In giving new life to a franchise absent from the big screen for a quarter-century, Herbie: Fully Loaded neither thrills as much as you may have hoped for, nor disappoints as grandly as you may have feared. Instead, this contemporary update stays true to the good-natured spirit of the lightly diverting Herbie films from the past, and flirts with the same level of success as the better installments. The cast and crew provide enough spunk and originality to throw out complaints about tired formulas or cashing-in on an old popular name, but the film doesn't hit all its marks or break much new ground. As such, it's fun to revisit Herbie in today's world and there are enough good segments to keep viewers entertained for most of the running time, but the proceedings are never especially memorable or excellent, and they aren't likely to compete with rosy-tinted childhood memories of the old Herbie movies.
Disney has given Herbie: Fully Loaded a DVD that's a cut above what most of the studio's new live action films receive. The pristine widescreen-only transfer and Dolby 5.1 audio leave little room for complaints, while the bonus materials surpass the norm in volume and value. A healthy serving of interesting deleted scenes, three focused featurettes, an engaging commentary, plus bloopers and a music video for quick kicks all add up to a fairly loaded disc which extends the film's holding power considerably.
A rental may serve sufficiently for those who aren't already hooked on Herbie or greatly interested in the film, but fans of the film and those open to some silly family entertainment won't likely be disappointed by this DVD.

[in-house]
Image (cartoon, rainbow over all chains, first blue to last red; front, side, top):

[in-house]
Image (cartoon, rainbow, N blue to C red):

Reviewed October 23, 2005.
UltimateDisney.com's Interview with Angela Robinson, director of Herbie: Fully Loaded
The Herbie series: The Love Bug (1969) | Herbie Rides Again (1974) | Herbie Goes to Monte Carlo (1977) | Herbie Goes Bananas (1980)
Recent Live Action Disney Films: The Pacifier (2005) | Ice Princess (2005) | National Treasure (2005)
Lindsay Lohan: The Parent Trap (1998) | Get a Clue (2001) | Freaky Friday (2003) | Confessions of a Teenage Drama Queen (2004)
Fall 2005 Disney DVDs: Cinderella: Platinum Edition (1950) | Tarzan: Special Edition (1999) | The Phoenix & The Carpet (1997)
The Emperor's New Groove: The New Groove Edition (2000) | The Parent Trap: 2-Movie Collection
Sky High (November 29)
The Muppet Movie: Kermit's 50th Anniversary Edition (November 29)
Walt Disney Treasures: The Adventures of Spin & Marty (December 6)
Five Mile Creek: The Complete First Season (November 8)
Home Improvement: The Complete Third Season (November 22)
Once Upon a Mattress (December 20)
Boy Meets World: The Complete Fourth Season (January 10)
Reviewed October 23, 2005.
Reviewed October 23, 2005.